The project asked, what helps people with severe mental illness to establish and maintain a positive relationship with their GP in order to prevent, detect and manage long-term physical conditions? It used an asset-based framework (strengths of the person, community and agencies), underpinned by Relational Coordination Theory to explore what people value in their relationship with their GP.

Good coordination can be considered to occur when there are:

  1. Good relationships between people and general practice and between mental health services and GPs (the consumer is supported in their health literacy and has mutual trust with their health providers; and the provider has a shared knowledge of the needs of PWSMI and other services who may be involved in their care)
  2. Good communication between people and providers and between GPs and mental health services (on the consumer side due to addressing cognitive and health literacy support needs; and on the provider side due to the timely and accurate exchange of clinical information and communication).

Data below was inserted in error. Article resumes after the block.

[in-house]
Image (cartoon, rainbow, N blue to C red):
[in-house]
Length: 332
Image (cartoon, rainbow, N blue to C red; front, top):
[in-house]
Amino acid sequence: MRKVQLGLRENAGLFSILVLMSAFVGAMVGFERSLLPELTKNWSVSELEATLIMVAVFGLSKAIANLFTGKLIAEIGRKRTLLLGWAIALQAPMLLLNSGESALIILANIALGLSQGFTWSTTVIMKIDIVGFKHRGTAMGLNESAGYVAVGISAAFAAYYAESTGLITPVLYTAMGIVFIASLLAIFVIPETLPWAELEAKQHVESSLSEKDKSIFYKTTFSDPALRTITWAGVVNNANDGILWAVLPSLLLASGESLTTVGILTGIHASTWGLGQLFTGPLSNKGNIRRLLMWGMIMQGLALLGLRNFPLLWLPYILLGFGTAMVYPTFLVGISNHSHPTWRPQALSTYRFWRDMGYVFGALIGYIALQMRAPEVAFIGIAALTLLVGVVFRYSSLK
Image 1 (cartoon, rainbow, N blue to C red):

The project focused on people’s experiences and perspectives of what has helped or enabled them to establish and maintain a positive relationship with a GP. The findings will be used to explore how to work with GPs, consumers and mental health service facilitators through consultation in the next stage of the research project.

Research Centre

Social Policy Research Centre

Research Area


UNSW Disability Innovation Institute

Catherine Spooner (Lead CI, Centre for Primary Health Care and Equity), Mark Harris, Ben Harris-Roxas, Patrick Bolton, Jane Taggart

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